Professor: HECTOR GEFFNER

Description

The focus of this course is autonomous behavior, and more precisely, the different methods for developing "agents" capable of making their own decisions in real or simulated environments. This includes characters in video-games, robots, softbots in the web, etc. The problem of developing autonomous agents is a fundamental problem in Artificial Intelligence, where three basic approaches have been developed: the programmer-based approach, where the agent responses are hardwired by a human programmer; the learning-based approach, where the agent learns to control its behavior from experience or  information obtained from a teacher, and the model-based approach, where the agent control is derived automatically from a model describing the goals, the actions available, and the sensing capabilities. In the course, we review the three approaches to developing autonomous systems, with emphasis on the model-based approach, which in AI goes under the name of planning. We study autonomy in dynamic, partially observable settings involving a single agent or multiple agents. The course involves theory and experimentation.

Contents

  • Autonomous Behavior: Introduction, Approaches
  • Model 1: Classical Planning Models
  • Model 2: Markov Decision Processes
  • Model 3: Partially Observable MDPs
  • Model-based Solution methods: Heuristic Search, Value and Policy Iteration, LRTA*, RTDP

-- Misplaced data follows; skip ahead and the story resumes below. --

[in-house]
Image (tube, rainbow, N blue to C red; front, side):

• Model-free solution methods: Reinforcement Learning
  • Programming the control: finite-state machines and controllers
  • Multi-agent Models: fundamentals, Game Theory, Multi-agent planning Introduction

Bibliography

  • Artificial Intelligence: A Modern Approach, S. Russell and P. Norvig, Prentice Hall (3rd Edition), 2009
  • Multiagent Systems: Algorithmic, Game-Theoretic, and Logical Foundations, Yoav Shoham and Kevin Leyton-Brown, Cambridge Univ. Press, 2008
  • Automated Planning: Theory & Practice, Malik Ghallab, Dana Nau, Paolo Traverso, Morgan Kaufmann, 2004
  • Reinforcement Learning: An Introduction by Richard S. Sutton and Andrew G. Barto, MIT Press 1998
  • Neuro-Dynamic Programming, Dimitri P. Bertsekas and John N. Tsitsiklis, Athena Scientific 1996
  • Programming Game AI by Example, Mat Buckland, Jones & Bartlett Publishers; 2004

Evaluation

  • Exam 50%
  • Programming Projects: 25%
  • Seminar Presentations 25%

Format

  • 20h Theory: Professor Lectures
  • 5h Student Seminars
  • Project Homework